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8 Artists Redesign The Birth Control Ad

Fed up with patronizing contraceptive ads marketed to women, two designers asked friends to create their own.

  • <p><em>Methods</em> magazine highlights the disparity between the political stakes of reproductive rights and the way that birth control is advertised.</p>
  • <p>Allyn Hughes</p>
  • <p>Alistair Matthews</p>
  • <p>Devin Kenny</p>
  • <p>Inva Cota</p>
  • <p>Melissa Clara Pokorny</p>
  • <p>Nicole Killian</p>
  • <p><em>Methods</em> back cover, designed by Alistair Matthews.</p>
  • 01 /08

    Methods magazine highlights the disparity between the political stakes of reproductive rights and the way that birth control is advertised.

  • 02 /08

    Allyn Hughes

  • 03 /08

    Alistair Matthews

  • 04 /08

    Devin Kenny

  • 05 /08

    Inva Cota

  • 06 /08

    Melissa Clara Pokorny

  • 07 /08

    Nicole Killian

  • 08 /08

    Methods back cover, designed by Alistair Matthews.

At a time when the debate around reproductive rights and access to birth control is playing out on the national stage, the marketing around contraceptive products can seem woefully out of touch. Anti-abortion legislation might be limiting women's access to health care in the real world, but on TV birth control is marketed toward women in the same patronizing, pastel-hued ways as low-calorie desserts or yogurt.

It's a disparity that graphic designers Erin Knutson and Ria Roberts became concerned with in 2014 while graduate students at Yale School of Art. Eager to explore how ads for contraceptives could incorporate both the personal and the political issues that surround them, the pair sent out a call to designer friends to create their own versions. The brief was simple: design a full page ad, in whatever style you want, for the contraceptive method of your choice.

The responses varied widely. Everything from freezing eggs to abstinence to pulling out were covered, in ways that ranged from poignant and flippant to lighthearted. Struck by the way they highlighted the complexity of the discussion around contraception, Knutson and Roberts collected the ads in a magazine called Methods, now on its third issue. The proceeds from the magazine go toward Planned Parenthood of New York City, and this year it features interviews with PPNYC director of development, Abigail DeAtley, as well as artist, activist and Planned Parenthood supporter Marilyn Minter.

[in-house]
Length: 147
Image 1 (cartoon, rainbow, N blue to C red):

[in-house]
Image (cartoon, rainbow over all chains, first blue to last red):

The partnership not only benefits PPNYC monetarily, it also broadens the audience for the magazine and connects activists with likeminded designers. And as the magazine has matured, the submissions have also taken on a different tone. "The ads in this coming issue are much more poetic and much more sincere," says Roberts. One features an email exchange that includes a blog post about a birth control "hack" for people who don't have access to the morning after pill. Another is a blank page with "Sabbatical 2015-2016" printed in the top left corner. Others are more overtly political, depicting Trump or a call to vote.

In the two years since Methods launched, reproductive rights have been at the forefront of public attention for things like the undercover Planned Parenthood videos and the HB2 anti-abortion law in Texas (recently overturned in a Supreme Court decision).

The magazine's content and the speculative ads have reflected the trajectory of these current events, closing the gap between the commercial side of contraception and the political side. "The main issue we have with contraceptive ads was that its so psychotically disjointed with what's at stake," says Roberts. "On personal level, in terms of women's bodies and choices they have, but also what that means on political, national, and international level and in the way that reproductive justice effects our lives and our economy."

Methods is available at Leisure Press for $20 each.

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